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Ryan Hunt
August 13, 2010
Once a big-time recruit to Florida, Jarred Fayson has been slowed by injuries and inconsistency. The Illini's new offense may be just what he needs
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August 13, 2010

In Search Of His Inner Playmaker

Once a big-time recruit to Florida, Jarred Fayson has been slowed by injuries and inconsistency. The Illini's new offense may be just what he needs

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HE CAME TO ILLINOIS CARRYING HIGH EXPECTATIONS, FOLLOWING A STINT at Florida that didn't work out as well as he had envisioned. And now he has one more season to get things done in Champaign. ¶ Ron Zook? No, Illini wide receiver Jarred Fayson. ¶ "I have one chance. It falls on me to produce the numbers I think I should be putting up," says Fayson, who is entering his senior season. "Nobody has higher expectations for me than the coaches do or than I do myself."

He's had a frustrating career. Fayson originally signed with the Gators, a five-star recruit in Florida's highly acclaimed 2006 class, which included Percy Harvin and Tim Tebow. After two seasons—and just one reception—in Gainesville, Fayson transferred to Illinois in search of more playing time.

After sitting out the 2008 season due to NCAA transfer rules, Fayson's junior year with the Illini was plagued by nagging injuries and inconsistency; he finished with just 16 catches for 218 yards and only one touchdown—not what Illinois was hoping for from its high-profile transfer. And the numbers didn't come close to Fayson's expectations, either. "I was average," he says flatly.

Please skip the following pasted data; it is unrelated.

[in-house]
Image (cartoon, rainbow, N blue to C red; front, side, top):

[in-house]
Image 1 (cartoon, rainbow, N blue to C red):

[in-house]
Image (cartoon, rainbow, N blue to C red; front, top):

"He's had so many little injuries since he's been here that have kept him from excelling the way you'd like to see him excel," Zook says.

A healthy Fayson should have opportunities to make an impact in 2010. Last year's No. 1 receiver, Arrelious Benn, has departed for the NFL. Fayson, junior A.J. Jenkins and converted quarterback Eddie McGee are the Fighting Illini's top returning receiving options. And in new coordinator Paul Petrino's offense, Illinois is desperately seeking a consistent playmaker to emerge at receiver. Can Fayson be that guy?

"I'm fit for the job. I'm definitely capable of getting it done," Fayson says. "But I need to prove that I can be that guy. I need to get back to the really nasty Jarred Fayson—making people miss, getting upfield, doing all those little things. I want to play faster. When it comes to third-down conversions, I need to be the guy who gets it done in practice. Do it over and over. Doing all the things that matter on a daily basis, so when it gets down to the games, they know whose number to call."

Petrino has brought reasons for optimism and excitement to Champaign. His offenses have been prolific in each of his two previous collegiate stops. Louisville averaged 41.1 points from 2003 to '06 under Petrino and finished in the top 10 in total offense for four consecutive seasons. Last season at Arkansas (following a stint with the NFL's Falcons), Petrino helped the Razorbacks put up 37 points and 439.3 yards per game.

His is an attack that stresses the importance of playing fast, running precise routes and gaining yards after the catch. Petrino demands attention to detail. It's a system in which Fayson feels he should shine.

"Jarred knows the level he can play at. He knows he can live up to the goals he's set," says Illinois quarterback Nathan Scheelhaase, a redshirt freshman with whom Fayson says he has developed a strong connection. "We can all see it; we know the type of player he's capable of being. He wants to show everyone what he can do."